The marketplace works in strange ways.

The marketplace works in the American economy to create a vociferous demand for both cheap labor and highly skilled labor.

Cheap labor continues to flow across the border because the marketplace needs the labor to get done. From picking oranges to working in chicken-plucking factories, the labor needs to get done cheaply.

There are not enough American workers who are willing to do the job. If there were no jobs for these unskilled laborers, who come from Central America, Eastern Europe and all parts of Asia, it is highly unlikely that they would come here in such numbers.

The marketplace has overwhelmed the laws that govern this nation, making those laws largely irrelevant. That is why the Senate and the president have attempted to change the laws governing unskilled labor and immigration.

The marketplace is also having an impact on highly skilled laborers. But unlike cheap labor, where the job-seekers can’t be picky, highly skilled laborers have many choices. They can migrate to our rivals, helping to build their economies to be more competitive than our own. The marketplace dictates that we change the laws governing highly skilled labor to allow more to come to this country. If not, we will face increased competition and hurt our own economic growth. That is why the Senate and the president have included a marketplace preservation provision to increase H1-B visas.

The marketplace has also dictated how some pundits and politicians react. Rush Limbaugh has decided to demagogue against this bill. He learned from Lou Dobbs that bashing immigrants is a smart marketplace decision to increase ratings. Sure, it is fun to scare Americans into thinking that a comprehensive immigration reform proposal is amnesty. And more people will listen to you to boot. Once again, a marketplace decision.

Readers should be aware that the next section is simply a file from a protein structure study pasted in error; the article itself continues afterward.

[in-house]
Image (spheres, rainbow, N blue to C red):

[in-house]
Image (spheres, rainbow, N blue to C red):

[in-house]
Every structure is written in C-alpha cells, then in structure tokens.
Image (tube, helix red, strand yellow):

Newt Gingrich made a marketplace decision, too. If he wants to be a real presidential contender, he needs to appeal to those primary voters who vote not on their aspirations, but their fears. Newt knows how easy it is to criticize those who are doing the nitty-gritty work of real legislating. He once was in the middle of it. Now he is an outsider, and he is lobbing rhetorical bombs in the hopes of once again becoming an insider. His marketplace is the primary voters, and he has made a rational marketplace decision, based on that marketplace.

Preserving the American marketplace means having a rational immigration policy. It means changing the law to adapt to reality. It means making the system work better by increasing opportunities and ending the lies and hypocrisy of the current system. It means opening our arms and our economy to the world. Sadly, some still see the possibilities in playing to the nativist marketplace for increased votes and increased ratings. But in the long term, that tactic is a political loser. Ask Pete Wilson how playing to that base helped the Republicans in California.